If you think Seattle traffic is bad now, just wait until these projects start

There’s no getting around it.

More people are trying to bus, walk, drive and bike than Seattle’s streets can handle.

And for three more years, your ability to move through one of America’s most cramped downtowns will take a back seat to growth, while road, construction and utility crews block lanes, private towers sprout like chia and transit capacity lags.

This era from 2018 to 2021 is euphemistically called the “period of maximum constraint” by transportation planners.

You could say the traffic scrum began unofficially New Year’s week at Pioneer Square, where crews started tearing open three blocks of First Avenue South to relocate utilities for a future streetcar line.

About 60 tower cranes are aloft citywide, and in the central neighborhoods as many as 110 more buildings are proposed in the near future, often closing lanes and sidewalks.

Just within a block of Denny Way, some 14 towers of 40 stories or higher are planned or underway. The city has approved garage space to park 12,000 more cars in South Lake Union.

The Washington State Convention Center’s expansion will block a couple of road lanes during construction. Closing the Convention Place bus station will push hundreds of buses a day out of the transit tunnel and onto city streets. Demolition of the Alaskan Way Viaduct, and the opening of a tolled Highway 99 tunnel to replace it, will force yet more traffic into those same streets.

The fallout from these billions of dollars in projects will affect commuters, shoppers, tourists and businesses — anyone who lives, works or visits in the central city.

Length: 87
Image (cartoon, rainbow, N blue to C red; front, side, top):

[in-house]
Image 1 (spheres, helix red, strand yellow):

Relief in the form of Sound Transit’s light rail tunnel to Northgate and a huge order of railcars won’t arrive until 2021 to carry growing numbers of people unable to cross downtown by bus or car.

More bike lanes, more buses that feed rail stations, and wider sidewalks are coming. Car capacity, however, won’t improve. Curbside parking will be swept away.

So the burden falls on citizens to adapt — to transfer between buses and trains, to drive less, to walk through a maze of contractor barricades — until the dust settles.

Mayor Jenny Durkan said during her campaign that congestion will get worse before it gets better, and pleaded, “It won’t be the mayor’s fault.”

Transportation officials have created the slogan “One Center City” that suggests a unified plan to keep you moving. It might just as well be a plea to cooperate, like people rowing a lifeboat in the same direction.

The government website onecentercity.org contains street-use proposals, maps and charts about Seattle’s growth challenge.

Here are the projects, detours and chokepoints, with cost figures when available.

Scroll the page to view each project in One Center City, including start and end dates and a description of the planned work.

Third Avenue repaving and bus stations

The city just finished building new concrete lanes in the Belltown part of Third Avenue to withstand the punishment of 20-ton buses.

Third Avenue fills at rush hour, while carrying 2,500 buses and more than 42,000 riders per weekday. Can the bus lanes work better? Some ideas being considered:

• An all-day ban on general traffic on Third, which is currently forbidden only at weekday peaks, 6 a.m.-9 a.m. and 3 p.m.-6:30 p.m.

• Pre-paid boarding for all buses on Third — but Metro or the city might need to find millions of dollars to route utilities for more ORCA fare-card readers, and to hire more fare inspectors.

• Landscaping, decluttering and brighter lighting.

Total cost: $17.4 million.

Colman Dock rebuild

The $350 million job to replace the old ferry terminal lasts from mid-2017 until early 2023, while the state maintains full service.